I want to round up double to int.
Eg,
double a=0.4, b=0.5;
I want to change them both to integer.
so that
int aa=0, bb=1;
aa
is from a
and bb
is from b
.
Any formula to do that?
I want to round up double to int.
Eg,
double a=0.4, b=0.5;
I want to change them both to integer.
so that
int aa=0, bb=1;
aa
is from a
and bb
is from b
.
Any formula to do that?
Use Math.Ceiling
to round up
Math.Ceiling(0.5); // 1
Use Math.Round
to just round
Math.Round(0.5, MidpointRounding.AwayFromZero); // 1
And Math.Floor
to round down
Math.Floor(0.5); // 0
Math.Ceiling
will return the same number if the number is already whole, it will NOT round up by 1
May 19, 2020 at 17:25
The .NET framework uses banker's rounding in Math.Round
by default. You should use this overload:
Math.Round(0.5d, MidpointRounding.AwayFromZero) //1
Math.Round(0.4d, MidpointRounding.AwayFromZero) //0
Rounds a double-precision floating-point value to the nearest integral value.
Just some adjusting @BrunoLM's answer with more samples :
Math.Round(0.4); // =0
Math.Round(0.5); // =0
Math.Round(0.6); // =1
Math.Round(0.4, MidpointRounding.AwayFromZero); // = 0
Math.Round(0.5, MidpointRounding.AwayFromZero); // = 1
Math.Round(0.6, MidpointRounding.AwayFromZero); // = 1
Math.Round(0.4, MidpointRounding.ToEven); // = 0
Math.Round(0.5, MidpointRounding.ToEven); // = 0
Math.Round(0.6, MidpointRounding.ToEven); // = 1
Use a function in place of MidpointRounding.AwayFromZero
:
myRound(1.11125,4)
Answer:- 1.1114
public static Double myRound(Double Value, int places = 1000)
{
Double myvalue = (Double)Value;
if (places == 1000)
{
if (myvalue - (int)myvalue == 0.5)
{
myvalue = myvalue + 0.1;
return (Double)Math.Round(myvalue);
}
return (Double)Math.Round(myvalue);
places = myvalue.ToString().Substring(myvalue.ToString().IndexOf(".") + 1).Length - 1;
} if ((myvalue * Math.Pow(10, places)) - (int)(myvalue * Math.Pow(10, places)) > 0.49)
{
myvalue = (myvalue * Math.Pow(10, places + 1)) + 1;
myvalue = (myvalue / Math.Pow(10, places + 1));
}
return (Double)Math.Round(myvalue, places);
}
Math.Round(0.5) returns zero due to floating point rounding errors, so you'll need to add a rounding error amount to the original value to ensure it doesn't round down, eg.
Console.WriteLine(Math.Round(0.5, 0).ToString()); // outputs 0 (!!)
Console.WriteLine(Math.Round(1.5, 0).ToString()); // outputs 2
Console.WriteLine(Math.Round(0.5 + 0.00000001, 0).ToString()); // outputs 1
Console.WriteLine(Math.Round(1.5 + 0.00000001, 0).ToString()); // outputs 2
Console.ReadKey();
Another option:
string strVal = "32.11"; // will return 33
// string strVal = "32.00" // returns 32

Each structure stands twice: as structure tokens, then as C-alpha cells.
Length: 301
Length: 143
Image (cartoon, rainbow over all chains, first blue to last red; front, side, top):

// string strVal = "32.98" // returns 33
string[] valStr = strVal.Split('.');
int32 leftSide = Convert.ToInt32(valStr[0]);
int32 rightSide = Convert.ToInt32(valStr[1]);
if (rightSide > 0)
leftSide = leftSide + 1;
return (leftSide);
It is also possible to round negative integers
// performing d = c * 3/4 where d can be pos or neg
d = ((c * a) + ((c>0? (b>>1):-(b>>1)))) / b;
// explanation:
// 1.) multiply: c * a
// 2.) if c is negative: (c>0? subtract half of the dividend
// (b>>1) is bit shift right = (b/2)
// if c is positive: else add half of the dividend
// 3.) do the division
// on a C51/52 (8bit embedded) or similar like ATmega the below code may execute in approx 12cpu cycles (not tested)
Extended from a tip somewhere else in here. Sorry, missed from where.
/* Example test: integer rounding example including negative*/
#include <stdio.h>
#include <string.h>
int main () {
//rounding negative int
// doing something like d = c * 3/4
int a=3;
int b=4;
int c=-5;
int d;
int s=c;
int e=c+10;
for(int f=s; f<=e; f++) {
printf("%d\t",f);
double cd=f, ad=a, bd=b , dd;
// d = c * 3/4 with double
dd = cd * ad / bd;
printf("%.2f\t",dd);
printf("%.1f\t",dd);
printf("%.0f\t",dd);
// try again with typecast have used that a lot in Borland C++ 35 years ago....... maybe evolution has overtaken it ;) ***
// doing div before mul on purpose
dd =(double)c * ((double)a / (double)b);
printf("%.2f\t",dd);
c=f;
// d = c * 3/4 with integer rounding
d = ((c * a) + ((c>0? (b>>1):-(b>>1)))) / b;
printf("%d\t",d);
puts("");
}
return 0;
}
/* test output
in 2f 1f 0f cast int
-5 -3.75 -3.8 -4 -3.75 -4
-4 -3.00 -3.0 -3 -3.75 -3
-3 -2.25 -2.2 -2 -3.00 -2
-2 -1.50 -1.5 -2 -2.25 -2
-1 -0.75 -0.8 -1 -1.50 -1
0 0.00 0.0 0 -0.75 0
1 0.75 0.8 1 0.00 1
2 1.50 1.5 2 0.75 2
3 2.25 2.2 2 1.50 2
4 3.00 3.0 3 2.25 3
5 3.75 3.8 4 3.00
// by the way evolution:
// Is there any decent small integer library out there for that by now?
It is simple. So follow this code.
decimal d = 10.5;
int roundNumber = (int)Math.Floor(d + 0.5);
Result is 11
Math.Floor
when the OP wants to round to nearest? This won't work for negative values